The central hypothesis of this paper is that basic properties of vertebrate limb development bias the generation of phenotypic variation in certain directions, and that these biases establish focal units, or regions, of evolutionary change within the primate hand and foot. These focal units include (1) a preaxial domain (digit I, hallux or pollex, metapodial and proximal phalanx), (2) a postaxial domain (metapodials and phalanges of digits II-V), and (3) a digit tip domain (terminal phalanges and nails/claws of rays I-V). The existence of these focal units therefore provides a mechanistic basis for mosaic evolution within the hand and foot, and can be applied to make specific predictions about which features of the limb skeleton are most likely to be altered in primate adaptive radiations over time. Examination of the early primate fossil record provides support for this model, and suggests that the existence of variational tendencies in limb development has played a major role in guiding the origin and evolution of primate skeletal form.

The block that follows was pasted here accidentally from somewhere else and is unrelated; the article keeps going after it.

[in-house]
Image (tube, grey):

ASJC Scopus subject areas
- Ecology, Evolution, Behavior and Systematics